‘I Think The Statue Of Liberty Is Weeping’: Madeleine Albright Attacks Cuccinelli

Virginia Kruta Associate Editor
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“I think the Statue of Liberty is weeping,” former Secretary of State Madeleine Albright told CNN’s Anderson Cooper on Wednesday, arguing that recent comments from acting U.S. Citizenship and Immigration Services Director Ken Cuccinelli were “un-American.”


Albright, who came to the U.S. as a refugee herself, was responding to Cuccinelli’s defense of stricter immigration controls that would deny green cards to immigrants who couldn’t “stand on their own two feet.” (RELATED: Madeleine Albright Invokes Nazism As Warning About Where America Could Go Under Trump)

“I’ve been a refugee twice, once from the Nazis and we were in England, and then we came to the United States when the communists took over in Czechoslovakia,” Albright told Cooper. “And I think that it is one of the most un-American things I’ve ever heard.”

Albright said that she remembered seeing the Statue of Liberty when she first reached America, adding, “And my father used to say that when we were in England people would say, ‘we’re so sorry your country has been taken over by a terrible dictator.’ And people in the United States said, ‘we’re so sorry, you’re welcome here and when will you become a citizen?’ And my father said that’s what made America a different country. And now we are forgetting that great history of our country.”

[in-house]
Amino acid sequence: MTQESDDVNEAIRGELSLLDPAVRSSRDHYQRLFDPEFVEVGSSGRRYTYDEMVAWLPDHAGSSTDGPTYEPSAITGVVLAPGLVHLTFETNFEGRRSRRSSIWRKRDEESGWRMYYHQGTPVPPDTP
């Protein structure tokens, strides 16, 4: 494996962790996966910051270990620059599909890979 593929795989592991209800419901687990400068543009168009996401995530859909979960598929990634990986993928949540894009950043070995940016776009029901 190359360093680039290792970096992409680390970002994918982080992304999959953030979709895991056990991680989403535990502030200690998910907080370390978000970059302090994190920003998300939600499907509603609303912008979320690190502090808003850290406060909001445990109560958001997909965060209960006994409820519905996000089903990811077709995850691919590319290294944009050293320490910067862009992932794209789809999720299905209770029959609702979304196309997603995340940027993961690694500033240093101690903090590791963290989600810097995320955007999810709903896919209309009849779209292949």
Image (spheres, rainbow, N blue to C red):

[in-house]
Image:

Cooper then pointed out that the law Cuccinelli cited as a basis for the current policy was over a century old and had been in effect for decades — but then argued, “Just because something is part of American heritage doesn’t make it right.”

Albright agreed, concluding, “I think this country has benefitted by the diversity that has come through immigration. And so I find that one of the most un-American statements I’ve ever heard and you pointed out that I have a Statue of Liberty pin on. I think the Statue of Liberty is weeping.”